Additionally, in 2017, we worked with Senator Cam Ward, R-Alabaster, and Representative Mike Jones, R-Andalusia, to identify the crimes of moral turpitude, which disqualify a voter from participating in the electoral process. In 2016, I worked with Representative Chris England, D-Tuscaloosa, to restore the voting rights of those who have been previously disqualified. 

Through working with members from both sides of the aisle, we have streamlined the voting process to ensure everyone who is eligible and interested has the opportunity to participate.

It is unfortunate to see people take advantage of their platforms to push an agenda that is intentionally designed to mislead voters and decrease the public’s trust in elections.

Alabamians and Americans know that the most effective method of political activism is to participate in the electoral process to ensure that our elected officials hold the same values that are held by the electors that put them into office, and I encourage all who are eligible to vote in the March 3, 2020 Primary Elections.”

 

The Alabama Political Reporter is a daily political news site devoted to Alabama politics. We provide accurate, reliable coverage of policy, elections and government.

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Congress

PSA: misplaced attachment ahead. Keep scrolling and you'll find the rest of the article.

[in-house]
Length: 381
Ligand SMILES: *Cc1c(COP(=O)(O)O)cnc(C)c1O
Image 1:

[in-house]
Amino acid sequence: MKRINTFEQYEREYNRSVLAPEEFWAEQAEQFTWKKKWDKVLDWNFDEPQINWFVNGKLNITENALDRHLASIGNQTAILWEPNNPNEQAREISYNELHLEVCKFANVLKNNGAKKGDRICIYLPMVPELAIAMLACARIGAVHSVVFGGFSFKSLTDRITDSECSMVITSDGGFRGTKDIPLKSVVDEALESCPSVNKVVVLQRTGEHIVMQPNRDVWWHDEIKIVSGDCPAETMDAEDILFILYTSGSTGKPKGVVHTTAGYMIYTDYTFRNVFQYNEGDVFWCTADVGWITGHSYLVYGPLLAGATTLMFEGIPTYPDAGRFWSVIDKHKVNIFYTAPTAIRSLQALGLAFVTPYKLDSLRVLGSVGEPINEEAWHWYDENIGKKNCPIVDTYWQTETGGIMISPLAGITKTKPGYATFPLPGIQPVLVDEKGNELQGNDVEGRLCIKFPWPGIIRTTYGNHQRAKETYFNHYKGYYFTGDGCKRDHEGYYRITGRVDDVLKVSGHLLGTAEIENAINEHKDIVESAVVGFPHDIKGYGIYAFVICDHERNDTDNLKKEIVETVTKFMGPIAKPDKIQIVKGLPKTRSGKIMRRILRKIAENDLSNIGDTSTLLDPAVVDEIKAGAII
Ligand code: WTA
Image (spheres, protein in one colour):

Voting rights activist calls for federal Department of Democracy

LaTosha Brown, a Selma native who co-founded Black Voters Matter, issued a statement saying that it is time to reimagine American democracy.

Micah Danney

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(VIA BLACK VOTERS MATTER)

The co-founder of an organization that is working to mobilize Black voters in Alabama and elsewhere used the 55th anniversary of the Voting Rights Act on Thursday to call for a new federal agency to protect voting rights nationwide.

LaTosha Brown, a Selma native who co-founded Black Voters Matter, issued a statement saying that it is time to reimagine American democracy.

“The Voting Rights Act should be reinstated, but only as a temporary measure. I want and deserve better, as do more than 300 million of my fellow Americans,” Brown said.

The U.S. Supreme Court invalidated a key provision of the law in a 5-4 ruling in 2013, eliminating federal oversight that required jurisdictions with a history of discrimination to get approval before they changed voting rules.

“To ensure that the Voter’s Bill of Rights is enforced, we need a federal agency at the cabinet level, just like the Department of Defense,” Brown said. “A Department of Democracy would actively look at the patchwork of election systems across the 50 states and territories. With federal oversight, our nation can finally fix the lack of state accountability that currently prevails for failure to ensure our democratic right to vote.”

She cited excessively long lines, poll site closings and voter ID laws in the recent primaries in Wisconsin, Georgia, Kentucky and Texas as voter suppression techniques that disproportionately affect Black and other communities of color.

Brown said that the July 17 passing of Rep. John Lewis, who was nearly killed marching for voting rights in Selma in 1965, has amplified calls for the Voting Rights Act to be strengthened. That’s the right direction, she said, but it isn’t enough.

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“History happens in cycles, and we are in a particularly intense one. We have been fighting for the soul of democracy, kicking and screaming and marching and protesting its erosion for decades,” Brown said.

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Elections

Alabama Forestry Association endorses Jerry Carl

Brandon Moseley